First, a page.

Do English speaking subcultures attach different meanings to the phrase "I'm sorry"? [duplicate]

On a recent trip the US, someone explained to me that saying "sorry" meant taking responsibility for causing the loss. Thus you should only say sorry if you intended to fix the situation. (And ...
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4 votes
2 answers
1k views

Felicitated- pragmatics and connotations

This sentence from a major Indian daily amused me: The mother of a Central Reserve Police Force (CRPF) constable, who died in the line of duty in Jammu and Kashmir, was felicitated at the 65th ...
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0 votes
2 answers
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Is there a difference between a spigot and a faucet (usage in AmE) [duplicate]

What is a domestic tap called commonly in the US ? -a spigot? a device that controls the flow of liquid from a large container (MW) Dictionary meaning aside, I had this understanding that a ...
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2 votes
1 answer
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The phrase - "I remain sceptical" vs "I continue to remain sceptical"

During a parent meeting , I heard a teacher say : I remain sceptical (on the progress of the child). and the parent questioning him- Why do you continue to remain sceptical? ...
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1 vote
1 answer
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Arguably- does the adverb carries "what I am saying is unarguable" connotation [duplicate]

Arguably- “I’m a little confused about the usage of this word. "Roger Federer is arguably the best tennis player ever. This is what I heard in a conversation. My point is does the statement seem ...
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4 votes
7 answers
10k views

Is calling someone "old school"- offensive/derogatory? [closed]

My colleague, a relatively young school teacher, prefers not to use e-mails. He is digitally absent. During a recent teacher's meeting, while I appreciated his efforts towards content development,...
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0 answers
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I can surely do it for you [duplicate]

I can surely do it for you.. Is the use of surely correct or shall I replace it with certainly without change in meaning.
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2 votes
1 answer
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Can I be "friendfully yours" [closed]

friendly (advs). : Used to mean 'in a friendly manner. I am wondering if "friendfully" was/is in standard usage and would I sound primitive or ungrammatical if I dare write "friendfully yours" ...
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0 votes
2 answers
293 views

what is a word or a phrase to convey -" no more?

What is a word or a phrase to say when we had too much of something weird. Example- An enthusiastic friend takes me to a play and its puzzling and rather unimpressive to me and I want to yell- No ...
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23 votes
10 answers
4k views

Has "aught" survived in common usage?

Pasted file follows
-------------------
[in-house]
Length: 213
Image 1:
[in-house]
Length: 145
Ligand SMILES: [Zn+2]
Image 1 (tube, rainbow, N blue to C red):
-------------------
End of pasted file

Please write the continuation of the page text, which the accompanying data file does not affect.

In a movie that I watched recently, I heard- for aught I know, for aught I care. I work with a lot of native speakers, and they all told me it's not in formal or informal usage anymore. ...
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2 votes
2 answers
5k views

Sorry I didn't turn up, I clean forgot. What's the sense of "clean' and its usage hygiene? [closed]

Sorry I didn't turn up -I clean forgot. The explosion blew the cooker clean through the wall. What kind of usage is this- AmE or BrE ? The meaning of clean usually refers to removing something ...
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4 votes
1 answer
716 views

Is the use of the dative of possession (from Latin) in English phrases proper?

I am an avid Latin III student studying in high school, and I often think about the effect that Latin has had on English, not just through etymology and morphology, but in semantics and pragmatics. ...
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2 votes
2 answers
797 views

Is "that few" a correct expression?

We quite often hear the utterance "that many" as in I haven't had that many sweets! But is the opposite standard speech as well? Can one say: I don't have that few followers on Twitter! If so, ...
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68 votes
12 answers
140k views

What is it called when someone says something like: "I'm not a racist, but..."

Other examples are: I'm not sexist but (sexist comment) Not to be a dick, but (dick comment) No offense, but (offensive comment) And so on... where they are trying to excuse themselves ...
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11 votes
2 answers
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"noun of noun" vs. "noun+noun"?

I wonder if there is a significant difference at the semantic or pragmatic levels in using the compounds structures noun of noun or noun+noun. For example, is it the same to say "the consumption of ...
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3 votes
3 answers
45k views

"You got it" vs. "I got it"

When I watch TV drams or movies, I sometimes come across the expressions “I got it” and “You got it” meaning “I will do as you ask”. I am wondering if there is any semantic or pragmatic differences ...
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3 votes
3 answers
9k views

Are you being served/helped?

Being an L2 English speaker, quite often I get into funny - and sometimes embarrassing - situations. It usually happens when I say something pragmatically inappropriate for a situation. For example, ...